CRPF commandant Chetan Kumar Cheetah in coma ,now conscious and talking at AIIMS

CRPF commandant Chetan KumarCheetah in coma ,now conscious and talking at AIIMS

NEW DELHI, April05: Doctors are describing it as nothing short of a miracle. Chetan KumarCheetah, a CRPF commandant who had slipped into deep coma two months ago after being hit by at least nine bullets during a gun battle with terrorists in Jammu and Kashmir, is now conscious and talking.

Doctors at the AIIMS trauma centre, where Cheetah spent a month in ICU, told TOI on Tuesday that he is fit to be discharged. When he was brought in, the 45-year-old had bullet injuries in his head, the upper limbs were badly fractured and the globe of his right eye had ruptured.

“His GCS score, a test to gauge the severity of brain injury, was M3. He was in deep coma. Now his score is M6. He is conscious and all vitals are stable,” a doctor said.

At least three soldiers and one militant were killed in the encounter in Hajin area of Bandipora district of Kashmir on February 14, where Cheetah got injured. Sources said the terrorists had received prior information about the attack on their hideout.

“We are planning to send Cheetah home on Wednesday,” Dr Amit Gupta, professor of trauma surgery and critical care at the centre, said the recovery and its pace was no less than a miracle.

The CRPF commandant was first taken to military hospital in Srinagar where medications were given to prevent bleeding. However, given the extent of the injuries and his comatose state, it was decided to airlift him to the AIIMS trauma centre.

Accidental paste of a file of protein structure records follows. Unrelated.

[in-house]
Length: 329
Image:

Within 24 hours of admission, surgery was conducted to remove a portion of the skull to reduce intra-cranial pressure. Cheetah was put on heavy antibiotics to reduce infection and his wounds were repeated cleaned, doctors said.

“Once he was stable, different teams operated separately to treat the injuries. Ophthalmologists took care of the wound in left eye but the right eye couldn’t be repaired; orthopedics worked on the fracture in the limbs while critical care experts planned his antibiotic therapy.

But it was not the medical and surgical intervention alone that helped Cheetah spring back to life. His wife, Uma Singh, said the CRPF commandant’s penchant for fitness and strong willpower helped too.
“He is a very determined person and a fitness freak. I always knew he would recover,” she said.

 Singh, who lives in Delhi, said Cheetah would call him daily at a particular time but on the day of the encounter he didn’t, which gave her a premonition that something was wrong. “Later in the day, when I called the control room, just out of anxiety, they told me he was injured,” she said.

The CRPF commandant has two kids, both of them studying in school, and Singh said they are waiting for dad to return.

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